Deutsche Bank Profit Beats Estimates on Trading Revenue
Deutsche Bank AG (DBK), Europe’s largest investment bank, said first-quarter profit fell less than expected as trading revenue beat analysts’ estimates. The shares rose the most in three months.
Net income dropped 34 percent to 1.08 billion euros ($1.5 billion) in the three months through March from a year earlier, the Frankfurt-based company said in a statement on its website today. That compared with the 1.01 billion-euro average of 10 analyst estimates compiled by Bloomberg.
Revenue from trading fixed income and currencies decreased 10 percent to 2.43 billion euros, exceeding the 2.12 billion euros average of nine analysts’ estimates. The majority of the commodities trading business is no longer included in the calculation, Deutsche Bank said.
“The results were quite positive,” Steven Gould, an analyst at Natixis Securities in Paris, said by telephone. “The capital situation is less of a worry than people were anticipating.”
Deutsche Bank is among global investment banks contending with a slowdown in trading revenue as clients shy away from investing amid uncertainty over monetary policy and a geopolitical crisis with Russia over Ukraine. It has faced calls from investors to raise capital by selling shares after earnings were squeezed from shrinking its balance sheet to meet stricter regulatory rules.
Photographer: Ralph Orlowski/Bloomberg
Juergen Fitschen, left, and Anshu Jain, co-chief executive officers of Deutsche Bank..
Deutsche Bank’s shares rose as much as 3.3 percent in Frankfurt, the biggest gain since Jan. 13. They climbed 2.2 percent to 32.12 euros at 9:15 a.m., narrowing a decline this year to 7.5 percent. The 43-member Bloomberg Europe Banks & Financial Services Index rose 0.9 percent today.
The company said after markets closed yesterday that it will sell at least 1.5 billion euros in subordinated debt to help raise capital levels and meet stricter limits on leverage. Deutsche Bank won’t rule out further measures on capital should it be in the bank’s interests, he told analysts on a conference call.
Losses in winding down non-core assets not deemed central to Deutsche Bank’s business more than doubled to 532 million euros in the first quarter from 258 million euros a year earlier. Analysts had expected a loss of 474 million euros.
The company’s common equity Tier 1 capital ratio under Basel III rules, a key measure of financial strength, fell to 9.5 percent from 9.7 percent at the end of December, it said in the statement.
The bank finished last year holding less capital than all but two of the nine biggest European and U.S. investment banks, data compiled by Bloomberg Industries show. JPMorgan Chase & Co. and Barclays Plc (BARC) had lower levels.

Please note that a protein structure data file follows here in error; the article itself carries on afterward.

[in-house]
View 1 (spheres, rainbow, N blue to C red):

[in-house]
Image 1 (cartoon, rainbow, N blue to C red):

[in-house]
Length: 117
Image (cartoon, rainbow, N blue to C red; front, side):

“The investment bank hasn’t done so well with revenue under pressure as the bank sheds assets and clients hold off trades,” Dirk Becker, an analyst with Kepler Cheuvreux, who recommends investors buy the shares, said by phone from Frankfurt. “All eyes are on Deutsche Bank’s capital levels. The exciting question is how far new rules will cut them and what the effect of shedding assets has been.”
Co-Chief Executive Officers Anshu Jain and Juergen Fitschen are shrinking assets to build capital levels after they raised almost 3 billion euros by selling shares at 32.90 euros apiece in April last year. They’re aiming to cut Deutsche Bank’s balance sheet by 250 billion euros, or 16 percent, from last June through 2015. Deutsche Bank is willing to lose revenue in some businesses because of the plan, Jain said in January.
The five biggest U.S. investment banks saw their combined revenue from trading fixed income, commodities and currencies fall 13 percent to $15 billion in the first three months from the same period in 2013, data compiled by Bloomberg Industries show. Deutsche Bank relied on that business for 22 percent of its income last year, filings show.
Jain and Fitschen are considering selling about 5 billion euros of shares to investors to increase capital, Germany’s Handelsblatt newspaper reported last week, citing unidentified people in the finance industry. Deutsche Bank wants to catch up with the capital ratios of its competitors while complying with new regulations, Handelsblatt said.
Deutsche Bank needs to tap shareholders for about 10 billion euros, analysts at Mediobanca SpA (MB) said in an e-mailed report from London last week. That would allow the bank to avoid losing debt-trading market share while meeting new standards for valuing complex assets and cover regulatory fines and legal settlements, they said.
The company’s legal costs, which totaled 3 billion euros last year, are hampering efforts to build capital. Deutsche Bank has yet to resolve probes into its role in industry-wide attempts to manipulate benchmark interest rates and currency markets and faces lawsuits which allege the company didn’t make adequate disclosure of U.S. mortgage-backed securities.
Deutsche Bank says it is cooperating with investigations of the alleged manipulation attempts.
The European Banking Authority’s proposed changes to how banks value trading book assets at the end of March could lower capital levels by 1.5 billion euros to 2 billion euros, the company said today.
That’s less than the 2.2 billion-euro reduction by the second or third quarter anticipated by Kian Abouhossein, an analyst for JPMorgan. He cut his recommendation on the stock to neutral from overweight in an e-mailed report from London this month.